Hamdan Medical Journal (previously the Journal of Medical Sciences)

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Cinnamaldehyde Induces Behavioral and Biochemical Changes in the Male Albino Wistar Rat

Sivakumar J. T Gowder, Devaraj Halagowder
Published in : Journal of Medical Sciences ; Vol 3, No 2 (2010)
DOI : 10.2174/1996327001003020101


Cinnamaldehyde (CNMA) is a widely consumed food flavoring. In addition, it is also used as an antiseptic and an antiallergic drug and as a tonic in traditional Chinese medicines. Certain behavioral parameters were carried out in this study to evaluate the effect of CNMA on rats. Rats were given CNMA orally by gavage at the dose levels of 2.14, 6.96, 22.62 and 73.5mg/kg body weight/day for the period of 10, 30 or 90 days. Only the group of rats treated with CNMA at the dose of 73.5 mg/kg body weight/day for 90 days showed significant changes in the olfactory discrimination, auditory startle response and negative geotaxis behavior. No treatment related impairment of cliff avoidance behavior was noted. Thus, CNMA has an effect on the neuromuscular system. This is evident from changes in acetyl cholinesterase (AChE) and creatine kinase (CK) activities in the serum of these rats. Further examination of non-enzymatic and enzymatic antioxidants and also thiobarbituric acid reactive substances (TBARS) in the serum showed CNMA induced oxidative stress that resulted in the behavioral changes of these rats. From this study, we can conclude that the oxidative stress induced by CNMA has an effect on rat behavior and its effect is time and dose dependent.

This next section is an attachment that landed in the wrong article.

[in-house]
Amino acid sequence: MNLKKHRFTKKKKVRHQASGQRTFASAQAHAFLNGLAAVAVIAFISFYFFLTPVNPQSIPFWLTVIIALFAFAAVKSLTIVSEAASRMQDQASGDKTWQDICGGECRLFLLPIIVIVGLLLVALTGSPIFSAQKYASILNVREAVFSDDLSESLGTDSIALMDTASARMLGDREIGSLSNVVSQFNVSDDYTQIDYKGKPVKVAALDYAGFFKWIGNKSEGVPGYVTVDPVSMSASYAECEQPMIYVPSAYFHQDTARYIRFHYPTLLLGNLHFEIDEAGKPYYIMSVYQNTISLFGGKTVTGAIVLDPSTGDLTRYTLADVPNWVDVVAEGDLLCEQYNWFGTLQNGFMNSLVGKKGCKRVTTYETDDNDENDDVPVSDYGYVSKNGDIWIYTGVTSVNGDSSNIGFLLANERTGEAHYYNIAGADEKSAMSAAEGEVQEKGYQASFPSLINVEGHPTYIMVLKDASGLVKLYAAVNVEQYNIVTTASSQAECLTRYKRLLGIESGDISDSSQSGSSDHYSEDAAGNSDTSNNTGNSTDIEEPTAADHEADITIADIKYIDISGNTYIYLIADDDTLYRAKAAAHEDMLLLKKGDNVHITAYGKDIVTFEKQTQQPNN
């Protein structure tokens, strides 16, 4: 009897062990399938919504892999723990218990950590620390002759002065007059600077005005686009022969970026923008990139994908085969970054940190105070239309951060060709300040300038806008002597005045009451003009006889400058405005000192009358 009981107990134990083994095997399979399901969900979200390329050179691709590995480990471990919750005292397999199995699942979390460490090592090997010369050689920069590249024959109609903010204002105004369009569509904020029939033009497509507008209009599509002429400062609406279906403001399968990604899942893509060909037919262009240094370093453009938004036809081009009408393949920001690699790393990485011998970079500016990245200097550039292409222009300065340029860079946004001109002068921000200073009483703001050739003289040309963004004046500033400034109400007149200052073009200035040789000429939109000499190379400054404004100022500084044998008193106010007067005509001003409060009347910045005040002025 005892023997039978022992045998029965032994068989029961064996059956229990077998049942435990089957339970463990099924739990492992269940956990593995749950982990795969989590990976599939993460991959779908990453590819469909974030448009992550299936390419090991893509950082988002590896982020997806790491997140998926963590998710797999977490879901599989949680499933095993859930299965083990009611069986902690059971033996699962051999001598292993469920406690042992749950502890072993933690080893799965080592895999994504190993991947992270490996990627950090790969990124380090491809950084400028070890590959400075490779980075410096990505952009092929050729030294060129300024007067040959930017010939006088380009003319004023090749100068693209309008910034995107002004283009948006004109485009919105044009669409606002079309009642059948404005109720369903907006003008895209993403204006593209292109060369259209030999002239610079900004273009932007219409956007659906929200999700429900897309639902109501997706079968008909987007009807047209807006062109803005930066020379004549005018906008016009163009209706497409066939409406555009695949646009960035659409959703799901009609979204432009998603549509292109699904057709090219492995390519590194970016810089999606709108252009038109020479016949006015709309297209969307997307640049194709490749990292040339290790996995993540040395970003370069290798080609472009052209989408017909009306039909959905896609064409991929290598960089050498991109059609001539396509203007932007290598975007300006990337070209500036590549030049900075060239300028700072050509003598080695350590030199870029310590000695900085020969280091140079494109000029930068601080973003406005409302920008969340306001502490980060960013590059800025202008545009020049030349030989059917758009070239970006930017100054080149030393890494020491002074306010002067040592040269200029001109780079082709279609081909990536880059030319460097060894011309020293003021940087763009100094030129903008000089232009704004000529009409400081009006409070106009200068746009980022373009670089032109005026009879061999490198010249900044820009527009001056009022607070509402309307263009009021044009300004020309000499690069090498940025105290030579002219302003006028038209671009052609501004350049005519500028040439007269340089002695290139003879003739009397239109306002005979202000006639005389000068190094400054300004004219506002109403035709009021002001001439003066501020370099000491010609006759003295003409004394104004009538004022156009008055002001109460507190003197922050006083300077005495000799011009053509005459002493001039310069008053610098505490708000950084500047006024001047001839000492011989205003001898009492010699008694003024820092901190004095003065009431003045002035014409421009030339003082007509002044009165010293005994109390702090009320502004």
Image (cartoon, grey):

Behavior; cinnamaldehyde; food flavor; rat; serum enzymes

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